By DAVE FIDLIN | Downtown News
It won’t happen overnight, and there are still plenty of logistical questions, but the path toward turning a portion of the Gaslamp Quarter into a car-free, pedestrian-friendly promenade is underway.
In late 2019, representatives of the Gaslamp Quarter Association officially announced plans for the promenade project. Tentatively, the proposal calls for closing stretches of Fifth Avenue — from Broadway to L Street — to vehicular traffic and adding a number of new features, including public art and street furniture.
While the announcement officially bubbled to the surface last fall, Michael Trimble, executive director of the Gaslamp Quarter Association, said there had been talk of making changes to the layout of one of San Diego’s most visible neighborhoods.
“As a concept, it’s actually been kicked around for decades,” Trimble said in a recent interview with Downtown News. “Obviously this is a large project, and a very expensive project.”
Cost, actually, will be one of the sticking points. The transformation has been pegged at approximately $40 million, based on all of the plan components. Trimble and others involved with the preliminary planning have cited four possible funding sources: state and federal grants, corporate donations and private investment.
“There are complications. It’s not an easy task,” Trimble said of the various pieces of the puzzle that will need to come together for the project to see the light of day. “Working out the details will take time.”
The Gaslamp Quarter plans have drawn comparisons to other well-known sites with similar amenities, including the Third Street Promenade in Santa Monica. Trimble said several factors contributed to the formal unveiling of the plans at this point.
“Gaslamp is at a turning point right now,” Trimble said. “This is the front door to the city, and it gives visitors a first impression.”
With other well-established San Diego neighborhoods making tweaks, Trimble said the promenade also is a logical next step in giving Gaslamp Quarter a distinctive edge in the greater cityscape.
“There’s just a lot of options for people these days,” he said. “We want this to be a place where people can meet and enjoy life.”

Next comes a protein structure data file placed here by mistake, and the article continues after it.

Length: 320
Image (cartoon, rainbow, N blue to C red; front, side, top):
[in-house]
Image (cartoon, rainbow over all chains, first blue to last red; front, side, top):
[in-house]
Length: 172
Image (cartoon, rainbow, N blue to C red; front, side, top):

Based on current estimates, Trimble said the actual groundbreaking of the targeted area of Fifth Avenue could still be three to five years off on the horizon.
In the meantime, the Gaslamp Quarter Association, which is helming the planning process, is working to gather feedback from Downtown residents, business owners and other people interested in weighing in on the project.
Since the project’s initial announcement, the association has been taking comments through an online form that can be accessed at gaslamp.org/promenade.
By his estimates, Trimble said the comments funneled into his office through the form have been “overwhelmingly positive,” with about 97% of respondents saying they favor the promenade plans.
The next step in the association’s formal feedback process is an informational meeting, set for 3 p.m. Tuesday, Feb. 11, at the Hilton San Diego Gaslamp Quarter Hotel, 401 K St.
While there is still a bounty of questions at this early stage, Trimble said he is encouraged by the broad-level support from representatives of other closely aligned organizations, in addition to local election officials.
“Activating the Gaslamp and investing in a pedestrian-focused promenade will enhance the experience of visitors and provide exciting opportunities for people to gather,” City Council member Chris Ward said in a statement. His 3rd District representation on the City Council includes Gaslamp Quarter.
Joe Terzi, president and CEO of the San Diego Tourism Authority, also has gone on record in support of the plans.
“It will create a sense of community, and a place for social connections and entertainment,” Terzi said in a statement. “Its completion will represent a vital renaissance for the city — one that will serve the community as a place to gather and celebrate life in America’s Finest City.”
— Dave Fidlin is a freelance journalist with a special affinity for San Diego and its people. Contact him at firstname.lastname@example.org.